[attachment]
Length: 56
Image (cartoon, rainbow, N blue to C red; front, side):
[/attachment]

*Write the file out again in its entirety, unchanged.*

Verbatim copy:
Length: 56
Image (cartoon, rainbow, N blue to C red; front, side):